Growing up in Northwest Louisiana, my dad taught me all about hunting, fishing, repairing pick-up trucks, and paddling a pirogue, as well as some survival skills that Girl Scouts may have glossed over. Honestly, I wasn’t much into being a sharpshooter, and I failed as an auto mechanic, but I did pay attention when my dad tried to teach me about plants.
Whenever he took me to his deer camp he’d show me a barren fence where the cold hardy passion vine (Passiflora) was supposed to grow. He collected the Louisiana Iris (Iris virginica ‘Shrevei’) from the swampy waters. I’d religiously relocate them against a fence. The plants eventually spread into the neighbor’s yard to his great displeasure.
Someone recently told me that you can no longer collect these plants from the wild, even though someone originally collected the plants, and planted them around the cabin to dress it up. I wanted my dad to load up on plants instead of watching my mom prepare yet another mystery dish using the ample supply of venison filling our freezer. Any good hunter builds themselves a nifty deer stand built for one. From there, you sit up as high as you can go in the Loblolly Pines (Pinus taeda) of Louisiana to watch wildlife for many solitary hours.
Around the the time my father turned 50 years old, he realized he found photographing nature more rewarding than hunting. I have a couple of theories behind this late-life epiphany: doctor’s orders, one too many bouts of kidney stones from eating too much venison, or simply the neighbors filled up the giant freezer with enough venison to last a lifetime (I remember whenever anyone opened the freezer door, rock hard frozen meat would tumble forth).
I found lots of high altitude sky photographs within the trays of slides, but I have yet to find those elusive images of wildlife captured using a telephoto camera lens. I would have really liked to have seen a photo of the snake that can swim and fly, or bullfrogs so large they could be walked/hopped around using a leash, or a photograph of the rare Louisiana panther jumping from one bald cypress stump (Cupressus taxodium) to another, feasting upon juicy catfish along the way.
This holiday weekend I somehow found myself acting like my late father, watching wild animal kingdom webcams in the comfort of my own Southern California living room. Our favorite is the Dick Pritchett Real Estate SWFEC bald eagle webcam, a site monitoring a family of bald eagles situated in a 60-foot high nest. This nest is set inside a slash pine (Pinus elliotii), surrounded by what looks like a church, a busy freeway, and a back drop of Southwest Floridian skyscrapers. The nesting bald eagles seem to be more harried by the plethora of noisy birds and swarms of flies than the continuous drone of the nearby freeway.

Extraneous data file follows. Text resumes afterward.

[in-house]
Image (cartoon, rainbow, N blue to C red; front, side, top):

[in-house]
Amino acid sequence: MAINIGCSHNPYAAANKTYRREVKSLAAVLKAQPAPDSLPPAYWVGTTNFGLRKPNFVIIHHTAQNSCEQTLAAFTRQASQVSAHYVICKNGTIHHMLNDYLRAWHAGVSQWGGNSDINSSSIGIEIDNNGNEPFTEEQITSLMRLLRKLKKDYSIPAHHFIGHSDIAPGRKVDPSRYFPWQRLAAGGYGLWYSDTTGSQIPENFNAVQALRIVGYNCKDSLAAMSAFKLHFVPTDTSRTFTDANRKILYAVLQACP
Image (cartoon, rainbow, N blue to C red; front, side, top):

This particular nature webcam has attained viral popularity and national news coverage, scoring over 60 million viewers who’ve quietly enjoyed watching the treetop dramas unfold using their cell phone, laptop or internet-connected television in the middle of the night. Stationed only 6 feet away from the nest, the webcam is equipped with infrared night vision to prevent disturbing the family of eagles. The lens follows the action, moving with the family of eagles. Close-ups regularly showcase the cute white and fuzzy fledgling, and viewers take great pleasure watching the mom eagle feed her baby with fresh fish deliveries made by both parents (dad regularly takes over nesting duties while mom hunts).
Watching a snoring eagle after a hard day of work is really just the cutest. My husband and I have oddly enjoyed prying in on this feathered family as they build and tend their eagle’s nest – LE026-B as defined the Florida State Monitoring Program – situated within the tall pine trees. Dressed with branches and surrounded by a layer of soft pine needles, the pair constantly clean out the nest, keeping tidy their tiny 200 square foot loft and avian nursery. A makeshift refrigerator for the rodents and fish caught by the eagles is conveniently tucked neatly to one side within the soften base of torn pine straw, with spent feathers placed to keep the flies at bay. Watching each of the parents carefully feed the fledgling is really interesting, but I have yet to figure out why the eagle uses her beak to stick her head deep into the nest. Maybe to make a window into the world below?
Of course, nature can be brutal with unexpected violence and tragedy, so if you rather have the PG-rated version for the family to watch, try one of the major news networks for a delayed transmission. In any case, you cannot help but care about the cold, harsh beauty of nature after watching these wild animals endure. It matters!